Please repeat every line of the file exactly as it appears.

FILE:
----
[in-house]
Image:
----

[in-house]
Image: